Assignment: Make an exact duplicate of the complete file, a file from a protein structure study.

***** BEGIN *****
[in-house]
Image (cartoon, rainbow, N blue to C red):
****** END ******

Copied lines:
[in-house]
Image (cartoon, rainbow, N blue to C red):